This is a new way of considering the nature of “Coin,” one which we hadn’t properly considered before. We had always thought of Coin in the context of exchange. But here we have Coin as I AM, as a gift from the spiritual world to humanity. It calls to mind the parable of the talent. A gift to be invested. Gift as value, separate from exchange. A giving of worth. 

Whereas it is really the IT THINKS that has more to do with the “irreducible complexity” of the world. This irreducible complexity is that which guards the treasure of the I AM, out of concern (LOVE) for the Being.

– Now, Joel had many observations that arose in him as he was transcribing the notes of the previous conversation. He began to closely observe the movement, color and quantity of the “pearl” in the previous Arcana:

It is only in the center of the image in the Six, Eight and Ten of Coins.

It is present in the Three, Four, Five, and Nine of Coins, but not at the center.

Both the Eight of Coins and the Four of Coins have multiple pearls: 2 in the Four, and 3 in the Eight.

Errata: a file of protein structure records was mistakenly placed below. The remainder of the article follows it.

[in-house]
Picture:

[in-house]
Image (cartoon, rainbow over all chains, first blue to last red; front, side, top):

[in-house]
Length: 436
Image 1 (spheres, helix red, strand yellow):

Ten of Coins = 1 blue pearl in the center, in a flower

Nine of Coins = 1 blue pearl below the center, in a flower.

Eight of Coins = 1 blue pearl in the center, in a flower; 2 red pearls, one above and one below.

Seven of Coins = No pearl

Six of Coins = 1 red pearl in the center, in a “proto-flower”

Five of Coins = 1 white pearl above 

Four of Coins = 1 red pearl above, 1 white pearl below

Three of Coins = 1 white pearl below

Two of Coins = No pearl

Ace of Coins = No pearl

This means there are 10 pearls total. Like 10 coins. 3 white; 4 red; 3 blue. 4 below; 3 above; 3 in the center. In all of these, a white pearl is never central, and never in a flower. Note that 7 of the Numbered Coin Arcana have a pearl, and 3 do not: Ace, Two and Seven (1+2+7 = 10). 

Taking closer note of the pearl, we are also given an indication as to the orientation of some of the images that seem to be able to go either way (such as the Six of Coins or the Two of Swords). The pearl always has a comma-shaped curve that is placed in the lower right of the pearl. 

Joel has no interpretation of any of this, unsure of any of its significance. Just a bunch of details that stuck out. Notice, however, that this process has now culminated in the Two of Swords, with the white pearl finally achieving a central place within a flower, something it had never done before. This process completed on the Two of Swords, not on the Ten of Coins—in a different plane, with an 11th pearl.